- House and Senate negotiators reach two-year budget deal
- Congress seeks ban on in-flight calls
- Michelle Malkin’s Twitchy site sold to owners of Townhall, HotAir: report
- GM’s Barra to be first woman to run top American carmaker
- China: Poisonous smog is a military asset, if you think about it
- Texas woman admits to sending ricin to Obama
- Ron Paul on son Rand: ‘I think he probably will’ run for president
- Cold War heats up again in the Arctic: Russian airfield reactivated after 20 years
- 6-year-old boy suspended for sexual harassment over kiss
- Voters deciding Mass. congressional contest
By Donald Lambro
Growth spikes are little more than trend-free anomalies
Independent voices from the The Washington Times Communities
Topic - Bureau Of Reclamation
The title of this book has a yesteryear quality, but Ronald Reagan's philosophy and actions about the environment are, if anything, more timely today than they were when he began defining them in his early years in politics.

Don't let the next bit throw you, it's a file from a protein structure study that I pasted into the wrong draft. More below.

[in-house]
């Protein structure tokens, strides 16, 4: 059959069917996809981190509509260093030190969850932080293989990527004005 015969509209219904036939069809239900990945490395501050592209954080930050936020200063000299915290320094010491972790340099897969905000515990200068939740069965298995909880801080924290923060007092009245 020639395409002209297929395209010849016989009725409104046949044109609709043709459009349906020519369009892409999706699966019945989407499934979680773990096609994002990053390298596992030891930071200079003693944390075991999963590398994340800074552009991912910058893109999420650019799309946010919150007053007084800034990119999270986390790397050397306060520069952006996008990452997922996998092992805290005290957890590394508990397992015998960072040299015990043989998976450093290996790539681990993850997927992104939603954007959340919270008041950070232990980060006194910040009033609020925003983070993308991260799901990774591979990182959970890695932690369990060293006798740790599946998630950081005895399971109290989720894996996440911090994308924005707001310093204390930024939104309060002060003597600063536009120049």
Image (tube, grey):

The federal government strategy for protecting a pair of endangered fish species includes training them to "recognize and avoid predators" — a nearly half-million-dollar project funded with taxpayer money.
As someone who doesn't like to freeze to death or sweat uncontrollably, I enjoy this time of year. The mild temperatures, blooming flowers and amiable sunniness make the outdoors a great place to be. Which is why I stay indoors. The downside to good weather is that it brings people outside.
Climate change is likely to diminish already scarce water supplies in the Western United States, exacerbating problems for millions of water users in the West, according to a new government report.